Download figure to PowerPoint

Nickel-catalyzed Ar–H/Ar–O coupling thus has the potential to be extremely useful as an inexpensive coupling method for construction of heterobiaryls, despite having limitations in the scope of heteroarenes.

Ar–H/Ar–M Coupling

  1. Top of page
  2. Abstract
  3. Introduction
  4. Ar–M/Ar–O Coupling
  5. Direct C–H Coupling
  6. Ar–H/Ar–O Coupling
  7. Ar–H/Ar–M Coupling
  8. Decarbonylative C–H Coupling
  9. Conclusions
  10. Biographical Information
  11. Biographical Information
  12. Biographical Information

Nickel-catalyzed oxidative coupling reactions between arenes and metalloarenes (Ar–H/Ar–M; M = B, Si, Mg, Zn) have also been reported recently. In a first report describing Ar–H/Ar–M couplings of arenes, Miura's group disclosed that 1,3-azoles can be arylated at C2 with trimethoxyarylsilanes as the organometallic coupling partners (Scheme 15).22 In the presence of catalytic amounts of NiBr2·diglyme/bipy and stoichiometric amounts of CsF and CuF2, various 1,3-azoles such as benzoxazoles, oxazoles, benzothiazoles, benzimidazoles, and 1,3,4-oxadiazoles cross-couple with arylsilanes to afford 2-arylazoles. Classifying this C–H coupling into a reaction type is difficult, because oxidative C–H arylation with organosilanes is rare even with other transition metal catalysts.23

thumbnail image

Scheme 15. Miura's nickel-catalyzed Ar–H/Ar–Si couplings of azoles and trimethoxyarylsilanes.

Download figure to PowerPoint

A plausible mechanism for the Ar–H/Ar–Si coupling is illustrated in Scheme 16. Initial nickelation of the heteroarene substrate, through the action of basic CsF, could afford the Het–Ni–X intermediate D. Subsequent transmetalation with aryl or alkenyl silicate E (generated in situ with CsF), and an ensuing reductive elimination from intermediate F, could furnish the biaryl product and the Ni0 species. Reoxidation of Ni0 with CuF2 would regenerate the divalent NiX2 to complete the catalytic cycle.

thumbnail image

Scheme 16. A plausible mechanism for nickel-catalyzed Ar–H/Ar–Si coupling.

Download figure to PowerPoint

Oxidative C–H coupling requires a stoichiometric amount of oxidant, for which oxygen (air) is ideal. In 2010, Miura discovered nickel-catalyzed C–H arylations of azoles with arylboronic acids (Ar–H/Ar–B) that operate under air (Scheme 17).24 Treatment of benzoxazole (17) with m-tolylboronic acid in the presence of catalytic NiBr2/bipy and K3PO4 in DMAc at 120 °C affords the corresponding coupling product 37 in 76 % yield. With 5-phenyloxazole (33), a Ni/phen/NaOtBu catalytic system gives the coupling product 38 in a better yield.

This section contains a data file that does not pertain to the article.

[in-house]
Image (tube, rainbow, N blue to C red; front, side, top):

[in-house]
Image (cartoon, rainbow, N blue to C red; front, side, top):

thumbnail image

Scheme 17. Miura's nickel-catalyzed Ar–H/Ar–B couplings of azoles and arylboronic acids.

Download figure to PowerPoint

Additionally, a one-pot borylation/arylation sequence based on this nickel-catalyzed direct coupling has also been accomplished (Scheme 18). After conversion of hexafluoro-m-xylene into the corresponding arylboronate 39 by Hartwig–Miyaura borylation,25 39 can be directly coupled with oxadiazole 40 (Ar–H/Ar–M coupling) under nickel catalysis conditions to afford 2-arylated azole 41 in 73 % overall yield.

thumbnail image

Scheme 18. A one-pot sequence of C–H borylation and Ar–H/Ar–B coupling.

Download figure to PowerPoint

The stoichiometric reaction with isolated [PhNiCl(bipy)] complex 42 (Scheme 19) sheds light on the reaction mechanism. Upon exposure of 42 to a mixture of 5-phenyloxazole (33), NaOtBu, and phen in DMAc under nitrogen, product 43 is detected in 27 % GC yield. This result suggests that the active species in the catalytic cycle is [Ar–NiII–X] (X = bromide or alkoxide).

thumbnail image

Scheme 19. Stoichiometric reaction between an azole and the [PhNiCl(bipy)] complex.

Download figure to PowerPoint

Miura proposed a reaction mechanism for the Ar–H/Ar–B coupling that is in agreement with the above results (Scheme 20). Initial transmetalation of NiX2 with arylboronic acid, or its borate generated by the action of base (K3PO4 or NaOtBu), could afford arylnickel intermediate G, which is the equivalent of 42 in Scheme 19. Subsequent base-assisted nickelation of the azole partner followed by reductive elimination from intermediate H could lead to the desired biaryl product along with Ni0. Reoxidation with molecular oxygen would complete the catalytic cycle. However, other possibilities such as pathways involving alternative reaction orders (e.g., azole then boronic acid) cannot be ruled out at this stage.